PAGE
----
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I am a medievalist and an adjunct college instructor in the humanities at Union College. My research includes medieval theologies of history, text/image relationships in visionary and mystical texts, and the writings of the twelfth-century Doctor of the Church, St. Hildegard of Bingen. I am also a translator of medieval Latin and German texts, especially as relate to my research. I completed a Master's in Medieval Studies at the University of Notre Dame in 2010, a Fulbright Fellowship in Germany in 2008, and a B.A. in Classics and German at Boston College in 2007.

Wednesday, April 23, 2008

The German Pope and His Visit to America

As Pope Benedict XVI visited the United States last week, I followed the news of his trip eagerly through the American online press. I was surprised, however, to see the interest taken in his trip by the Germans I encounter in my daily life. During each of the six days of the Pope’s trip, one of the prayer intentions at Mass here was for his safety and for the efficacy of his pastoral visit to the United States. This was the first time (that I could remember) that a specific Mass intention was added during one of the Pontiff’s international trips.

Although that part of his visit that was the most astounding for me as an American (and this resonated surely in the American press) was his candid and repeated focus on the shameful tragedy of the sexual abuse scandal that erupted at the beginning of this decade, the German attention was more circumspect. It quickly became clear to me that the people here recognized that the pastoral importance and, indeed, necessity of the Pope’s mission—the prayers offered at Mass sought especially for the pastoral healing of the American flock; but the trigger of the American church’s crisis of faith, namely, the sexual abuse scandal, was not acknowledged as such. Unfortunately, I have not yet been able to determine whether this results from a lack of awareness of the specific causes of the current American malady, or rather from a reticence to speak of the admittedly shameful specifics.

A further issue I have yet to fully understand is the impetus driving the Germans to take such an interest in this visit. Is it merely a by-product of the heightened interest they take in the papacy of the German Shepherd? Yet, I have seen a much keener attention to the Pope’s visit to the United States than to his other actions over the last half-year. Is it, rather, that Germans, and especially German Catholics (?), take a more pointed interest in the United States because of the intimate relationship between our two countries since the end of the Second World War?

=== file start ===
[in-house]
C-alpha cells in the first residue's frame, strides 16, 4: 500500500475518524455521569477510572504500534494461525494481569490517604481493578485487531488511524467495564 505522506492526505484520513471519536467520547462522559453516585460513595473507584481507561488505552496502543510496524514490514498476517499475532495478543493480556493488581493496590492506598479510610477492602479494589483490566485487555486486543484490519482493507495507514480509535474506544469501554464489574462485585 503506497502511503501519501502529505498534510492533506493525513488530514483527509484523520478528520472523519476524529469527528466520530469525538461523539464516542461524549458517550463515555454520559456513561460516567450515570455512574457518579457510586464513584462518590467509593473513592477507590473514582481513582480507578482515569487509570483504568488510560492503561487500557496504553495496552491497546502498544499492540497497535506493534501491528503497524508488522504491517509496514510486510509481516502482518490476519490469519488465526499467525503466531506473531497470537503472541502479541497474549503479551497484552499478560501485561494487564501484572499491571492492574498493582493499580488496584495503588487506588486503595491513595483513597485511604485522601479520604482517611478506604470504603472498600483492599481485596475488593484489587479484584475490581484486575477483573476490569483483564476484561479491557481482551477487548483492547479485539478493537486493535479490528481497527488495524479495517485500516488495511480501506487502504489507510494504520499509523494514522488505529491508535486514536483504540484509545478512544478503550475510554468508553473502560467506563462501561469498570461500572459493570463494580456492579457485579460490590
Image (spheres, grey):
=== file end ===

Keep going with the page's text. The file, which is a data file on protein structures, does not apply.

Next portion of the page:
Whatever the cause, it warmed my heart dearly this morning to find the following picture on the front page of the latest issue of Kirche+Leben (“Church+Life”), the weekly newspaper of the Diocese of Münster:

Here is a translation of the article that accompanied the photo:

“Like the President: Cheers for the Pope”

It is no secret that Benedict XVI loves Italian, French, German, and of course Latin, but has no particularly intensive regard for the English language. These students from the Pope John Paul II High School in Nashville tried to accommodate the Pope in that regard when he visited Washington and New York last week: they waited for him with victory signs, thumbs-up, joyful faces, and signs in heartfelt, if not also completely correct, German. About 75 percent of Catholics and the majority of non-Catholics have a positive opinion of Benedict XVI, although 80 percent say that they “don’t know much” about him. Kirche+Leben will give a complete report of the Pope’s trip to the U.S. in the next issue.

[N.B. After following the Pope’s trip last week, I have to disagree with this newspaper’s account of his English; perhaps it was at one time true (I remember when I was in Rome two and half years ago, his English was almost incomprehensibly accented), but the Pope has clearly demonstrated that he has worked hard to improve his English, especially in preparation for his recent trip. Though I am still amused by his pronunciation of “country” as “cown-tree”.

Also, as to the “not completely correct” German: the signs should read “Wilkommen Heiliger Vater”.]

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